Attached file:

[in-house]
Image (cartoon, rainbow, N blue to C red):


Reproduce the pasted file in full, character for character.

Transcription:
[in-house]
Image (cartoon, rainbow, N blue to C red):